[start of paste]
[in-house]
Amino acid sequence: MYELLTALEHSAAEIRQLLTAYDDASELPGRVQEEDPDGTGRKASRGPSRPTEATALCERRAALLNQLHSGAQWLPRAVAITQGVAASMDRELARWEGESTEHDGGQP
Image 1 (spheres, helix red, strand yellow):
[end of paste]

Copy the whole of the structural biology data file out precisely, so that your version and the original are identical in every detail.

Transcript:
[in-house]
Amino acid sequence: MYELLTALEHSAAEIRQLLTAYDDASELPGRVQEEDPDGTGRKASRGPSRPTEATALCERRAALLNQLHSGAQWLPRAVAITQGVAASMDRELARWEGESTEHDGGQP
Image 1 (spheres, helix red, strand yellow):